Thursday, December 16, 2010

What's Your Story About?

This is a piece that appeared here on BRP on January 25, 2009. As an editor, I always ask potential clients to tell me about the books they've written, and many of them go into a long, detailed summary, but sometimes, we need to be able to tell our story's idea in short fashion. Enter this commentary.

You’ve written a novel – congratulations! Believe me, I know about the struggles that writers go through putting pen to pad or fingers to keys. There were probably a million times you wanted to give up and walk away from your words. There were bouts of writer’s block. There was doubt. There were those who just didn’t get why you wanted to write. And despite these and other issues, you rose above them and finished a story from beginning to end.

Stop. Smile. Pat yourself on the back. Tell yourself you are awesome. Call at least three people to tell them the good news. Treat yourself to something special. Take a few days to put some space between you and your glorious words.

Then come back to the manuscript because there is some major work to be done.

Many new writers make the error of finishing a story, running a spelling and grammar check on Word, and then submitting the novel to agents and publishing houses as if the work is perfect. Many take a better route and at least send their work to be edited by a professional before sending it into the universe. Even though it is important to have at least one set of eyes – other than your own – read/edit your work, it is just as important for you to become a "scholar" in the craft of writing so that the material you pass off to an editor or an agent isn't ridiculed instead of praised.

So, tell me – what’s your story about?

If you plan to submit this work, pitch this work, and talk about this work; you need to have a clear and quick description of your work.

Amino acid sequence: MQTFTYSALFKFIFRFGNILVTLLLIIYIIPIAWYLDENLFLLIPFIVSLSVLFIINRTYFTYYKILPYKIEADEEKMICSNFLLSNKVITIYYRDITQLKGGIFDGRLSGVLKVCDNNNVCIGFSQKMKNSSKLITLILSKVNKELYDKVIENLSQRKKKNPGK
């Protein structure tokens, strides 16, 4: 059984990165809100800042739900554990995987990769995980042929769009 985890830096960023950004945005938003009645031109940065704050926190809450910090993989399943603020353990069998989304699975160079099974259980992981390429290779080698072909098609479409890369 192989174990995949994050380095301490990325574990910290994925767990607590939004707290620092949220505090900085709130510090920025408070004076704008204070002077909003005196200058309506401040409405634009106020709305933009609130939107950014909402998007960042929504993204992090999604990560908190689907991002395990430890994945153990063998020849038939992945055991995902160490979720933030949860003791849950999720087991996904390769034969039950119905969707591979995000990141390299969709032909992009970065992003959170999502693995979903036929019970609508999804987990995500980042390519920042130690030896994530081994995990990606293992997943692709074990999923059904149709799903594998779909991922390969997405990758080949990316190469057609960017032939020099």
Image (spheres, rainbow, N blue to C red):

You should know your work’s genre: is it a romance, mystery, thriller, horror, sci-fi, literary, street, an urban, or erotic novel? Is it a combination of these genres?

In one clear sentence, state the following: (Title of Novel) is a (Genre of Novel).

Good – now you know the genre.

Now, you need to state what your story is about. Picture going to Borders – you’re rifling through books, reading back covers. Pretend your book is on the shelf. Pick it up. Flip it over. What does the back copy read?

Just flipping through ten books on my bookshelf, I noticed that back copy runs between 100 to 225 words.

The back copy contains the same information you’ll place in your query when it’s time to submit the work to agents and publishers: your main character, his or her want, the major conflict that prevents the main character from achieving the want, and a “twist” that arises and seems to forever keep the main character away from the want.

Here’s the book description of Victoria Christopher Murray’s Too Little, Too Late:

Jasmine Larson Bush returns to her devious ways in this tale of two marriages -- each threatened by lies and betrayal.

She took marriage vows to be honest and true, but Jasmine's still hiding secrets to keep her husband, Minister Hosea Bush, by her side. When Hosea's ex-fiancée, Natasia, suddenly appears in New York, Jasmine knows it's not a coincidence. A former manstealer herself, Jasmine is very aware of Natasia's motives -- even if Hosea is not.

Complicating Jasmine's life is the secret she's kept from her baby's daddy. Luckily for her, Brian Lewis has problems of his own. His wife, Alexis, is convinced he's cheating on her -- but Brian's real betrayal is much worse. Revealing the truth to his wife could lead him back to the biggest mistake of his life...Jasmine.

Two marriages are in desperate jeopardy. Will Jasmine be able to scheme to save her own? Or will she have to choose between protecting her past and compromising her future? Even if Jasmine and Brian find the courage to stop the lies, it may be too little, too late....